Can You Rely on Your Corporate Computer Policies to Sue Ex-Employees who Steal Company Data

Two recent district court opinions add to the caselaw providing judicial guidance on how employers might update their corporate computer policies to be able to sue ex-employees for stealing company data based on the Computer Fraud and Abuse Act (“CFAA”), the federal computer crime statute. Title 18, U.S.C. §1030. This is a particularly significant problem when employees leave their current jobs to join competitors and attempt to gain an unfair advantage by stealing data from the company computers prior to their departure. 4 of the 7 sections of the CFAA that are the basis for a civil cause of action require that the employer prove that the employee’s access to the company computer was “without authorization or exceeds authorized access.”

One way the courts permit an employer to establish lack of authorized access is by showing that the employee violated a company policy defining the scope of the employee’s permission to access the company computers. Courts have sanctioned the use of corporate computer policies to prove unauthorized access because the “CFAA…is primarily a statute imposing limits on access and enhancing control by information providers.” EF Cultural Travel B.V. v. Zefer Corp., 318 F.3d 58, 63 (1st Cir. 2003). Thus, a company “can easily spell out explicitly what is forbidden,” through employee agreements, policies and access-limiting technology.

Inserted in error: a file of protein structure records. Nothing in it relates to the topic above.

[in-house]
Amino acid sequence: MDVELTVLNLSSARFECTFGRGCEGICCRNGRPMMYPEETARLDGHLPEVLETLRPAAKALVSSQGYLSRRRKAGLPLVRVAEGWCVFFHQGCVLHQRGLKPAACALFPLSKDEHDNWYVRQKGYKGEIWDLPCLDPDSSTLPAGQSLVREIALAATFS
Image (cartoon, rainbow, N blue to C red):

For example, U.S. v. John, 597 F.3d 263, 269, 272 (5th Cir. 2010), upheld the CFAA conviction of Citigroup account manager Dimetriace Eva-Lavon John, who accessed Citigroup’s internal computer system to provide her brother with customer account information that he used to perpetrate fraudulent charges. The court found that John had exceeded authorized access based on “Citigroup’s official policy, which was reiterated in training programs that John attended, [that] prohibited misuse of the company’s internal computer systems and confidential customer information.” Id. at 272.

The two recent decisions — Sloan Financial Group, LLC v. Coe, 2010 WL 4668341 (D.S.C., Nov. 18, 2010) and Clark Street Wine And Spirits v. Emporos Systems Corp., 2010 WL 4878190 (Nov. 24, 2010) – directly address the issue of corporate computer policies in the context of the employer suing the employee for violating the CFAA. According to Sloan Financial Group LLC’s (“Sloan”) complaint, Marcus Coe had been an insurance agent employed by Sloan who left to set up a competing insurance agency. Sloan alleged that its former employee violated the CFAA by “(1) transmitting two spreadsheets of Sloan’s client information from his work email address to his home email address; (2) conducting searches on the Harleysville database [that contained confidential information on Sloan’s insurance clients] for his own benefit; and (3) at Sloan’s expense, ordering Choice Point reports on individuals who never became clients of Sloan’s, but later became clients of Coe’s new Agency.” Id. at *3.